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Following the instructions to migrate a POP account to IMAP, the step for dragging and dropping (nested) folders over to the IMAP account is producing a different result than in the original POP account's folder structure. How can this be prevented? https://support.mozilla.org/en-US/kb/switch-pop-imap-account#w_transfer-your-local-messages-to-the-server

There are nested folders in the POP account in Thunderbird, like

  • A
    • B
      • C

Copying the folders to the new IMAP account in Thunderbird is resulting in:

  • C
  • B
    • C
  • A
    • B
      • C

And on Gmail's servers, the folders are represented as labels A-B-C, B-C, C, etc, all at the root level.

Is there a way to copy the folder structure as it was? I suppose I could delete the new B-C, C folders/labels at the root level, though it seems risky. On the other hand, leaving them as is looks redundant and confusing.

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  • I find thunderbird difficult to use for purposes like this - try using emclient, which works far better for these purposes Commented Aug 7, 2022 at 13:24
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    @JohnnyVegas How would a different email client help in this case? I'm not sure if the unexpected result is due to Thunderbird, Gmail, or something else. I'm not even sure if this result is abnormal.
    – adatum
    Commented Aug 7, 2022 at 19:06
  • Thunderbird isn't good at moving large amounts of email - I found emclient to be better at uploading the changes to the imap server Commented Aug 10, 2022 at 7:19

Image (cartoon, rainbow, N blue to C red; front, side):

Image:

1 Answer 1

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An immediate solution that restores the originally displayed folder structure is to go into Gmail settings > Labels > uncheck all of the labels/folders which do not belong.

Folders in Thunderbird are mostly similar, but not identical, to labels in Gmail. The issue seems to be in how nested folders are interpreted for Gmail.

Specifically, nested folders have all parent folder names concatenated to form a single label (A-B-C) as well as additional labels (B-C, and C) for each level of the nested folders. By default all those labels/folders are displayed at the root level in Gmail's web client and Thunderbird (IMAP).

So maybe this behavior is "normal" and expected, I'm not sure.

Perhaps there are other solutions as well.

Also, for some reason, Gmail has the option to have labels nested under other labels. That might be part of a different solution, but I did not explore that for now.

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  • Gmail labels almost but not quite map to IMAP folders (e.g. for a long while Gmail didn't support nested labels, so there was no way for it to handle nested IMAP folders), and IIRC you might need to pre-create the nested labels through Gmail for them to correctly show up via IMAP. Commented Aug 8, 2022 at 4:55
  • @user1686 Quire right, Gmail labels are similar but not identical to IMAP folders. Another way to state the issue is that nested labels got additionally listed as unnested labels, and those folders are displayed in IMAP/Thunderbird. What is the purpose of nesting labels? It seems like a vestigial limitation of folder/directory structure on the more versatile concept of labels/tags.
    – adatum
    Commented Aug 8, 2022 at 17:32
  • So that you could group your related labels, of course. Commented Aug 8, 2022 at 19:38
  • @user1686 And what is the purpose of grouping related labels? It seems to be adding an unnecessary constraint on labels just to emulate directories. I can't think of any functionality of nested labels that can't be achieved without any nesting.
    – adatum
    Commented Aug 8, 2022 at 23:10

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